Bernache: Fresh Out of the Vat

grape leavesIt all started with the bourru wine I talked about in this post.

Thanks to my sister, last weekend we got the chance to visit a seventh-generation, family-owned vineyard in Cour-Cheverny, a small rural town near Blois in the Loire Valley.  After writing about bourru, Sébastien and I were wondering if it was only a tradition in Bordeaux to drink the fermented grape juice that hasn’t yet been turned into “real” wine.  On our visit to the Domaine de la Marigonnerie, we had the chance to taste the Loire Valley equivalent, bernache, right out of the fermenting vat.

Drinking this sweet, cloudy, fizzy grape juice wasn’t only special because we were able to see first-hand how wine is made, but also because we tried a couple different kinds.  My favorite was the one made from the rare cépage “romorantin.” Also the name of a nearby town, this is a grape variety that was originally brought to the Loire Valley from Burgundy by Francois I in the 16th century.  Today it is only cultivated in this region.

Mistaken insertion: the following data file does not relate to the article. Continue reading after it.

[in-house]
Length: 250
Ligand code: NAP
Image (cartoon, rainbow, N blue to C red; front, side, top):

Of course, “bernache” wasn’t the only wine we tasted.  We especially enjoyed the AOC Cour-Cheverny, Cuvée “vieilles vignes”- a full-fledged dry white wine made from 100% “romorantin” grapes. We were told it would pair especially well with spicy foods- of course, the adventurous New Mexican in me liked that idea.

We also enjoyed the AOC Cour-Cerverny, “Cuvée tardive”- a vin moelleux. “Cuvée tardive” means that the grapes were picked later than for a dry wine and, therefore, have a higher sugar content.  It was interesting to taste the difference between the dry and sweet wines of the same grape variety.  Mr. Daridan, who runs the vineyard, joked that this wine would go well with Maroilles, a semi-soft cows-milk cheese made in the north of France and known for it’s very strong smell!  I’ll keep you posted as soon as we try that one.

For anyone who might be in the Blois area this December 5-6, the Daridan vineyard will be hosting an open house with tasting and sales of their wine and other local products.  Check their website for more details and directions- they may come in handy on the small dirt roads!

Next post: roasted chestnuts and white wine.

Leave a Reply

Your email address will not be published. Required fields are marked *

*
*
Website